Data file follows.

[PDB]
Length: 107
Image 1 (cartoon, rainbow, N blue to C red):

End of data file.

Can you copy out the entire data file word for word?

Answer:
[PDB]
Length: 107
Image 1 (cartoon, rainbow, N blue to C red):